If I allow my kids to argue with me, you can bet your bottom dollar that they will. If I’m difficult with my husband, they’re seeing and absorbing that, so they will be difficult with me and each other. And if I have a knee-jerk reaction to every time they mess up, they will do the same.
If you’re anything like me and you entered motherhood with less than awesome character, and motherhood revealed that to you oh-so-clearly, then I want you to be encouraged. Motherhood is actually a God-given opportunity not only to raise children who will impact the future of the earth, but also a chance for you to grow in Christlikeness. Because honestly, you can’t grow unless you’re in a challenging environment, and staying home with your kids is probably about as challenging as it gets.
When we just focus on controlling our own selves and being an example to our kids, we are giving them a clear picture of how we want them to be. As we lead by example, I believe that over time, they will follow.
Give your kids concrete examples
We want to equip our kids with tools that will pave a clear relational path for them. As we help our kids reconcile, we need to provide them with the exact words to say and actions to take.
Two sisters are fighting because one of them took the other one’s property and won’t give it back. As we step in to help reconcile, we ask Sister A, who took the property, why she took it, and ask her what a better course of action would have been. We ask Sister B what she could have done instead of scream and yell. We have them repeat the scenario and do those actions at that very minute, and thus equip them with tools to do it differently the next time.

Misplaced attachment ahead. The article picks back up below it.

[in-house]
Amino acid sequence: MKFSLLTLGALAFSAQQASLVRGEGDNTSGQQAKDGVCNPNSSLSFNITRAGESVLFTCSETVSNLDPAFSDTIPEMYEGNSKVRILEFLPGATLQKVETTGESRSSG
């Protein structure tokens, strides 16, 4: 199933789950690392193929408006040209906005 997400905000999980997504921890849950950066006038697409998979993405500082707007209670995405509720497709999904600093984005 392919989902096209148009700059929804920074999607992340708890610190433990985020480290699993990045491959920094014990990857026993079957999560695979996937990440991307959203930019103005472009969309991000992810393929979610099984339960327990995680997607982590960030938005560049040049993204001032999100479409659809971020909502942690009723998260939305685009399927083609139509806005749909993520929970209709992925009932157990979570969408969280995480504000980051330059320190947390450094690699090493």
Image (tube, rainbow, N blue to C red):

Don’t be punishment-minded right away
What matters more than anything is for our kids to reconcile, take responsibility for their actions, and do things differently. If we come into their fighting all huffy-puffy and threaten them with punishment, it definitely detracts them caring about making things right.
My two older girls are the ones who tend to fight the most. If I respond by yelling and throwing out threats, which I’ve done many times, it does nothing but focus them on how they don’t want to get in trouble. They don’t even care about what they did wrong at that point, which often makes me even more upset!
If you’ve ever been here, I encourage you to pull back a little. When siblings are fighting, punishment doesn’t matter most, and it doesn’t mean you don’t give it, either. But what matters most at that point is reconciliation and making a plan for how to do things differently the next time they encounter the same situation.
Be a safe place for your kids
While we’re probably not going to ever completely eliminate our kids from arguing/fighting, we want to avoid doing things on our end that provoke it. I’ve noticed that when I’m not a safe place for my kids, they’re insecure and have more of a tendency to argue.
When I say be a safe place, I mean bring your kids in close to you. Hear their hearts when they’re sharing something with you, be compassionate when they hurt themselves, and gracious when they err. Continually draw them in to you instead of push them away. This is the way God changes us as well-from a place of intimacy, not distance.
If you feel like you deal with kids constantly fighting, know that you’re in the majority. The best thing you can do is just focus on yourself-how you can be a better example, how you can respond well, and what good you can bring to the situation. And lastly, commit your children to the Lord and ask Him to work upon their hearts!